Released: January 22, 2013

Library Services in the Digital Age

Part 3: Technology use at libraries

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Some 73% of Americans ages 16 and over say there are places in their community where they can access the internet or use a computer for free.1 And 35% say they have used those free access points.

Younger Americans, particularly 16-17 year-olds, are significantly more likely to have used free internet and computers in their communities than older adults. Americans living in households in the highest income bracket are more likely than those living in the lowest income bracket to have used free internet and computers. Americans with higher levels of education, especially college graduates, are also more likely than those with lower levels of education to have done this.

Use of computers and the internet at libraries

We asked those who had visited libraries in the past 12 months if they used the computers and the internet at the library. Our question was designed to include people who used the wired computers at the library and people who had used the library WiFi connection, too. Some 26% of those ages 16 and older had connected to the internet at the library.

Some 36% of those who had ever visited a library say the library staff had helped them use a computer or the internet at a library. African-Americans and Hispanics are more likely than whites to access the internet at their local library, as are parents of minor children, those under age 50, those living in households earning less than $30,000, and those with at least some college experience.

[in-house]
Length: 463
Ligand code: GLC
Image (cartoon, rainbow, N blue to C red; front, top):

How important is free computer and internet access at libraries?

We did not ask a question about whether library internet users depend on that connection as their primary internet connection. But we asked respondents to this survey how important they think it is to have free access to computers and the internet at the library in their community.

Some 77% of all those ages 16 and older say it was “very important” for libraries to offer free access to computers and the internet to the community and another 18% say it was “somewhat important.” Just 2% say it was not too important and another 2% say it was not important at all.

Again, there are some noteworthy demographic differences in the answers: African-Americans and Hispanics are more likely than whites to feel free access was very important. Women and those with some college experience are also especially likely to feel this way. This topic is discussed further in Part 4 of this report.

  1. numoffset=”2″ The American Library Association reports that 62% of libraries report they are the only source of free public access to computers and the Internet in their communities. Study available here.